There’s actually a specific sweet spot for the number of images that should be posted online with listings, and that number is around the 15 mark. In fact, having around this number of photos on your listing can increase the number of clicks your listing can get!

Having Too Many Personal Items Out

What you want to do is sell a lifestyle to buyers so they can visualize themselves living in your house and calling it home. But if you’ve got too many things in your images – including personal items and photos – you could unknowingly be distracting buyers. When it comes to details in your listing photos, less is often more.

Not Including an Image of the Exterior of Your Home

Many listings include amazing interior images, but they fail to show buyers what the outside of the home looks like. Failure to include exterior shots will likely tell buyers that while the inside of the home may look nice, there’s probably something wrong with the outside. Or else, why leave such important details out?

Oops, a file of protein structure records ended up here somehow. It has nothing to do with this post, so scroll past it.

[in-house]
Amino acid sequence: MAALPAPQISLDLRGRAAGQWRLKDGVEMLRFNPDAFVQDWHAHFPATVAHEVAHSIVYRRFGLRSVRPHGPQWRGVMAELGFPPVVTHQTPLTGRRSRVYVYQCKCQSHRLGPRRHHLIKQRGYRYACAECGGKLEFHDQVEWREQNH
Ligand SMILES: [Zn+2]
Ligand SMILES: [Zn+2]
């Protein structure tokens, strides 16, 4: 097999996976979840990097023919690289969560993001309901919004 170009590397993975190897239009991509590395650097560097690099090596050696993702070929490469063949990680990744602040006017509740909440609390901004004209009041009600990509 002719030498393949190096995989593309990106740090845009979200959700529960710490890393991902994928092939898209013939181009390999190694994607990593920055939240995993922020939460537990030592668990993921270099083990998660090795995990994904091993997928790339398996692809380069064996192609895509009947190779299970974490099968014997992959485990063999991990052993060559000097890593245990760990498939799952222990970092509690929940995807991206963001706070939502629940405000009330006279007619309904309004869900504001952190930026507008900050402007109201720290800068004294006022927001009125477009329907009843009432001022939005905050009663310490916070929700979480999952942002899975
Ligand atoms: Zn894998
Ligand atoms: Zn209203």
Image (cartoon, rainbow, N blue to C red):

Including Items That Could Make Your Home a Target For Theft

Certain expensive items can capture the attention of would-be thieves who may actually peruse online listings to choose their next target. If you leave any valuable items in your online photos, you could be leaving your home vulnerable to theft.

Also, you don’t want to include any details in your online photos that will indicate where you live. Ideally, the street name and house numbers should either be out of the shot completely or blurred out. You’ll also want to blur out the license plate of your car if it’s in the driveway. But ideally, your car shouldn’t be in the shot at all.